Scholarly article on topic 'Influence of blend microstructure on bulk heterojunction organic photovoltaic performance'

Influence of blend microstructure on bulk heterojunction organic photovoltaic performance Academic research paper on "Chemical sciences"

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Academic research paper on topic "Influence of blend microstructure on bulk heterojunction organic photovoltaic performance"

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Chem Soc Rev

This article was published as part of the

Conducting polymers for carbon electronics themed issue

Guest editor Professor Yung Woo Park

Please take a look at the issue 7 2010 table of contents to access other reviews in this themed issue

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TUTORIAL REVIEW

www.rsc.org/csr | Chemical Society Reviews

Influence of blend microstructure on bulk heterojunction organic photovoltaic performance!

Christoph J. Brabec,a Martin Heeney,b Iain McCullochb and Jenny Nelsonc

Received 16th July 2010 DOI: 10.1039/c0cs00045k

The performance of organic photovoltaic devices based upon bulk heterojunction blends of donor and acceptor materials has been shown to be highly dependent on the thin film microstructure. In this tutorial review, we discuss the factors responsible for influencing blend microstructure and how these affect device performance. In particular we discuss how various molecular design approaches can affect the thin film morphology of both the donor and acceptor components, as well as their blend microstructure. We further examine the influence of polymer molecular weight and blend composition upon device performance, and discuss how a variety of processing techniques can be used to control the blend microstructure, leading to improvements in solar cell efficiencies.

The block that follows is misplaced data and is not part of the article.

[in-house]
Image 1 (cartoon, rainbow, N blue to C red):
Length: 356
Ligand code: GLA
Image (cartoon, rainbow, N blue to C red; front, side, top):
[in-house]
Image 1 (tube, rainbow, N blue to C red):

1. Introduction

Organic solar cells have recently emerged as promising low-cost alternatives to conventional inorganic photovoltaic devices. The opportunity to fabricate flexible, lightweight devices from

aFriedrich-Alexander-Universität Erlangen-Nürnberg and Bayerisches Zentrum für Angewandte Energieforschüng (ZAE Bayern), Martensstrasse 7, D-91058 Erlangen, Germany. E-mail: christoph.brabec@ww.uni-erlangen.de b Centre for Plastic Electronics and Department of Chemistry, Imperial College London, London SW7 2AZ, UK.

E-mail: m.heeney@imperial.ac.uk, i.mcculloch@imperial.ac.uk c Centre for Plastic Electronics and Department of Physics, Imperial College London, London SW7 2AZ, UK. E-mail:jenny.nelson@imperial.ac.uk

W Part of the Conducting Polymers for Carbon Electronics themed

solution by a variety of high throughput printing processes may offer significant advantages over conventional devices built from inorganic materials like silicon. However current device efficiencies and stabilities require further improvement before they can become truly competitive with their inorganic counterparts.